It's good to get into the habit of checking your pressures before riding the bike - and certainly before the first ride of the season!  Tyre pressures are critical to the way the bike handles, and even a couple of PSI makes all the difference.  If you can, use nitrogen in preference to air - the molecules are larger and this results in reduced air seepage from the tyre.

We always inflate motorcycle tyres with nitrogen - and we don't charge you extra for it!


During the tyre’s manufacturing process, its surface is coated with a release agent to prevent it from sticking to the tyre mould. In some cases, this non-stick property can make the tyre slippery on the road when it is first fitted to a bike, presenting a potential safety hazard for riders.

To overcome this safety risk, riders are advised to avoid maximum power, hard acceleration, braking and cornering for the first 100 miles or so. This period of gentle riding allows time for the tyre to ‘scrub-in’ while any traces of the release agent are removed from the surface. With potentially reduced levels of grip, riders should take extra care on wet or greasy roads.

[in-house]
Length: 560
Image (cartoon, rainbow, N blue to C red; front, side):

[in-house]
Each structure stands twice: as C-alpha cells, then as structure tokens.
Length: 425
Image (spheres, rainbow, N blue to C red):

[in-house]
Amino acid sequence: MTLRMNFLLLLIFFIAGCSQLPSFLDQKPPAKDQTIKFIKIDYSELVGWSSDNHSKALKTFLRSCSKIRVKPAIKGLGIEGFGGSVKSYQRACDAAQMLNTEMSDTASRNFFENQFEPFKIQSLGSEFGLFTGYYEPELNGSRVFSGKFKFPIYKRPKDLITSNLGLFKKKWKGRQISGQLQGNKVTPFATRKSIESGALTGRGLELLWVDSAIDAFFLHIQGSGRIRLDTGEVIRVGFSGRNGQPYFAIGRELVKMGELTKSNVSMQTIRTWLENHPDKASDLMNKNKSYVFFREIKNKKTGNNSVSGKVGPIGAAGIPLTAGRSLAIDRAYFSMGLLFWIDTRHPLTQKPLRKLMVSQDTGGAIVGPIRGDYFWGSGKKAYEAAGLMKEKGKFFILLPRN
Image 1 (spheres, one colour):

The regulation that covers puncture repairs in motorcycle tyres is BSAU159f. It states that no repairs are allowed in the sidewalls (these flex continuously and a repair is likely to fail), and repairs are not allowed on high speed Z-rated tyres.  However, Michelin DO allow repairs to their own Z-rated tyres - providing that repair is carried out to BS standard They are the ONLY tyre manufacturer to allow this.

Repairs, which must be carried out with a mushroom plug, can only be made in the centre of the tread area, to within 25% of each side of the centre line.  Only two repairs per tyre are allowed up to the J (62mph) speed rating, and one up to the V (over 130mph with 155mph maximum) speed rating. Up to J-rating, repairs no bigger than 6mm are allowed, and up to the V-rating only repairs up to 3mm are allowed.   Anything outside of these parameters and the tyre is scrap.